MTV

February 15, 2010

Viking Wrestlers Become Focus of MTV Documentary

It takes focus, commitment and determination is a fighter and Viking in the last 24 years, Coach Brent Barnes has helped hundreds of young men in the mold of adult men and successful movement through the program in Lake Stevens High School wrestling.

While many students can attest to the success of the program, both on and off the mat, a former student was able to use his influence in Hollywood to tell the world what a wonderful program we have here in our beautiful city.

Lake Stevens’ own Chris Pratt, best known for his television roles on “Ever wood”, “The OC” and his current role in which he plays Andy Dwyer on NBC’s “Parks & Rec,” has been instrumental in the creation of an upcoming MTV documentary about the Viking wrestling team and what drives them to be one of the best teams around.

Pratt was himself a Viking Wrestler, or Berserker, as they call themselves, almost 15 years ago and was coached by Barnes. The two have remained friends and came up with the idea together.

“Former student and wrestler Chris Pratt and I had talked about how cool it would be to do something like this. As he became more successful and started to get connected to the right people in Hollywood he finally felt comfortable writing a pitch,” Barnes said. “Originally it was pitched as a series show but now with the type of footage they have and the nature of it they believe it will be a documentary.”

Pratt began his quest to sell the idea in Hollywood and after talking to MTV they agreed to take on the project. “About a year ago I started pitching the idea around Hollywood to see if I could rise some funding and get some money. I.ma huge fan of documentaries and because MTV is the network that’s financing, people is assuming that it’s going to be a reality show. There’s a big distinction between contrived reality and actual reality,” Pratt said. “My goal is to put Lake Stevens on the map.”

The transition from student/wrestler to ‘star’ with camera crews following their every move, has been easy for most of the team, however, sometimes repeating simple movements gets bothersome.

“At first it was distracting but they (the wrestlers) have gotten used to it and now they don’t pay much attention to them,” Barnes explained.

Eric Soler, a top ranked wrestler from Lake Stevens, has enjoyed the experience but it does take a little getting used to. “My experience with the MTV camera crew following me around is pretty good they are really good guys but sometimes it gets annoying. We get a lot of attention from it and get asked a lot of questions by bystanders which is sometimes very annoying but dealing with it will be worth it when the world gets to see what wrestling is really about and what we are about as a team and individuals,” Soler said. “The most annoying part about having them follow us around is they make you repeat some of the things you do A LOT which is sometimes very annoying like earlier today me and a couple of teammates walked out of Safeway and they didn’t get it on film so we had to walk back and then do the same thing over again.”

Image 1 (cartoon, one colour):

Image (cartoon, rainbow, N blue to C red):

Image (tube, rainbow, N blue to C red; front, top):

MTV Producer Alex Ko is part of the crew who has been following the wrestlers for the past two and half months. Watching all that this team does to prepare for matches and also the way the fit a normal life into their schedules has been interesting, Ko said.

“As an individual I don’t think the film crew has really changed the way I prepare for a match whether it’s different for some of the others on the team I am unsure of. But Coach Barnes always tells us to have consistency in our preparation so I just try to stick to that rule and prepare myself the same before every match,” Soler said.

Barnes is a big influence in how these kids are turning out in the world and Pratt knows firsthand what Barnes’ coaching can do for you.

“I know that my life was greatly changed under the tutelage of Brent Barnes and going through his program. I would like people to see what happen to these boys and how their character changes and how they grow from a boy to a man, Pratt said.

For now, the Vikings are preparing for the State Finals in Tacoma this weekend and Pratt has been part of the drills this past week after an injury on the team. He encourages everyone to support them in Tacoma.

“I’ve been here the last week or so with them,” he said. “If you get a chance – came to the Tacoma Dome and see Come see who are the most difficult child in the state is supporting your berserkers.”The second part of the series will be published in the Journal of Lake Stevens next week.

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